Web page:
For the(anyhow, my)

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intuition is very strong that there is only one way to have that concept. In particular, that there is no concept of a round square that one could have without also having ROUND and SQUARE. If you share the intuition that there is thisasymmetry, between RED SQUARE and ROUND SQUARE, then you should be very happy with IA. IA explains theasymmetry because it entails that there can be no primitive concept without a corresponding property for it to lock to.

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And/or among states of entertaining them. I’ll worry about this sort of ontological nicety only where it seems to matter.

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Why relations that depend on merely mechanical properties like frequency and contiguity should preserve intentional properties like semantic domain was whatAssociationists never could explain. That was one of the rocks they foundered on.

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Connectionists are committed, willy-nilly, to all mental representations being primitive; hence their well-known problems with systematicity, productivity, and the like. Moreon this in Chapter 5.

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Not, of course, that there is anything wrong with just allowing ‘symbol’ and ‘computation’ to be interdefined. But that option is not available to anyone who takes the theory that thought is computation to be part of a naturalistic psychology; viz. part of a programme of metaphysical reduction. As Turing certainly did; and as do I.

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More precisely: it’s never conceptually necessary unless either the inference from Fa to a — b or the inference from Fb to a — b is itself conceptually necessary. (Forexample, let Fa be: ‘a has the property of being identical to b ’.)

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6

Or, if there is more than one way to grasp a MOP, then all of the different ways of doing so must correspond to the same way of thinking its referent. I won’t pursue thisoption in the text; suffice it that doing so wouldn’t help with the problem that I’m raising. Suppose that there is more than one way to grasp a MOP; and suppose that acertain MOP is a mode of presentation of Moe. Then if, as Frege requires, there is a MOP corresponding to each way of thinking a referent, all the ways of grasping theMoe-MOP must be the same way of thinking of Moe. I claim that, precisely because 5.3 is in force, Frege’s theory has no way to ensure that this is so.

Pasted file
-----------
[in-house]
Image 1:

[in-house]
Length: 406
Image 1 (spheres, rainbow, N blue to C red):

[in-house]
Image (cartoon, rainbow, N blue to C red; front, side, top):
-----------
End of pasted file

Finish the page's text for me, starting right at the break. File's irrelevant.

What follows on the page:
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See also Smith, Medin, and Rips: “what accounts for categorization cannot account for stability [publicity] . . . [a]s long as stability of concepts is equated with sameness of concepts . . . But there is another sense of stability, which can be equated with similarity of mental contents . . . and for this sense, what accounts for categorization may at least partiallyaccount for ‘stability’ ”(1984: 268). Similar passages are simply ubiquitous in the cognitive science literature; I’m grateful to Ron Mallon for having called this example to my

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Alternatively, a similarity theory might suppose that what we share when our PRESIDENT concepts are similar are similar beliefs about the probabilities of certain propositions: you believe that p(presidents are CICs) = 0.98; I believe that p(presidents are CICs) = 0.95; Bill believes that p(Presidents are CICs) = 0.7; so, all else equal,your PRESIDENT concept is more like mine than Bill’s is.But this construal does nothing to discharge the basic dependence of the notion of content similarity on thenotion of content identity since what it says makes our beliefs similar is that they make similar estimates of the probability of the very same proposition; e.g. of the proposition thatpresidents are CICs. If, by contrast, the propositions to which our various probability estimates relate us are themselves supposed to be merely similar, then it does not followfrom these premisses that ceteris paribus your PRESIDENT concept is more like mine than like Bill’s.

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It’s common ground that—idioms excepted—MRs that correspond to phrases (for example, the one that corresponds to “brown cow”) are typically structurally complex, so I’ve framed the definition theory as a thesis about the MRs of concepts that are expressed by lexical items. But, of course, this way of putting it relativizes the issue to thechoice of a reference language.Jean-marc pizano

Fine. So now all I owe you is a story about what “emerging” comes to: and I have to tell this story in a way that an informational semantics can tolerate, viz. without assuming that there is more to concept possession than locking evenin the case of bona fide, full-blown, natural kind concepts as such. Then I get to go sailing.